Hydroxychloroquine (HCQ) Covid Treatment


Only for covid19 does the government say you can't use a safe FDA approved for 65
years. Plaquenil is a generic, cheap drug that's derived from quinine a substance
george washington gave his troops.
It is an over the counter medication in africa, turkey, iran, russia and latin
america. Indonesia sells it in the vitamin section.

Antimalarial

Hydroxychloroquine (HCQ) is an antimalarial/anti-inflammatory drug that impairs endosomal transfer of virions within human cells. HCQ is also a zinc ionophore that conveys zinc intracellularly to block the SARS-CoV-2 RNA-dependent RNA polymerase, which is the core enzyme of the virus replication.

The currently completed retrospective studies and randomized trials have generally shown these findings:

1) when started late in the hospital course and for short durations of time, antimalarials appear to be ineffective

2) when started earlier in the hospital course, for progressively longer durations and in outpatients, antimalarials may reduce the progression of disease, prevent hospitalization, and are associated with reduced mortality.

In a retrospective inpatient study of 2541 patients hospitalized with COVID-19, therapy associated with an adjusted reduction in mortality was HCQ alone (hazard ratio [HR] = 0.34, 95% confidence interval [CI] 0.25-0.46, P <0.001) and HCQ with azithromycin (HR = 0.29, 95% CI 0.22-0.40, P <0.001).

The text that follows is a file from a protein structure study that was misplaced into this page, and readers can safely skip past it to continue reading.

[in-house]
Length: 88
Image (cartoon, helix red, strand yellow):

HCQ was approved by the US Food and Drug Administration in 1955, has been used by hundreds of millions of people worldwide since then, is sold over the counter in many countries, and has a well-characterized safety profile that should not raise undue alarm.

Although asymptomatic QT prolongation is a well-recognized and infrequent (<1%) complication of HCQ, it is possible that in the setting of acute illness symptomatic arrhythmias could develop. Data safety and monitoring boards have not declared safety concerns in any clinical trial published to date. Rare patients with a personal or family history of prolonged QT syndrome and those on additional QT prolonging, contraindicated drugs (eg, dofetilide, sotalol) should be treated with caution and a plan to monitor the QTc in the ambulatory setting. A typical HCQ regimen is 200 mg bid for 5 days and extended to 30 days for continued symptoms. A mini- mal sufficient dose of HCQ should be used, because in excessive doses the drug can interfere with early immune response to the virus.